After a good deal of slipping and sliding at the start line, runners in the ever-popular Helgramite Hustle Mud Run dashed through a racecourse littered mud pits, creek crossings, and cargo nets, cheered on by friends and family.
Intrepid souls scaled the sides of a rock-climbing wall and friends challenged each other to duels in the water gun battle zone. The demo paddling pool, run by the Dan River Basin Association, was a runaway hit, with children and adults alike coming back again and again to try their hand at kayaking and stand-up paddle boarding. Also popular was magician Joseph Young, who traveled all the way from Big Stone Gap, VA, to perform.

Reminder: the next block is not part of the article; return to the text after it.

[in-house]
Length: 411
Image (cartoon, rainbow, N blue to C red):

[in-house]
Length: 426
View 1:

When the sun got too hot, there were plenty of opportunities to cool down. Two hammock gardens were set up in the shade of the trees alongside the river, perfect for a quick nap. Tubes and life jackets were available for anyone who felt like a leisurely float down the river.
“We host the festival simply as a way of celebrating the Smith River and its importance to the history of the area and the lives of the citizens who call this place their home for so many years,” said Brandon Martin, Henry County’s Public Relations and Community Liaison. “Ultimately, it provides a community-oriented activity for our residents and drives tourism from other areas into Henry County. We are known far and wide for the quality of our natural amenities and the Smith River Fest displays that full range, including our Blueway and trail systems.”
As the Smith River Fest was winding down for the day, the Bassett Cruise-In was just getting started.